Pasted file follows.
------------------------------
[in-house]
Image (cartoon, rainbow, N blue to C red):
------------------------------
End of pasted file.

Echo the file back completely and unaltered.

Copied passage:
[in-house]
Image (cartoon, rainbow, N blue to C red):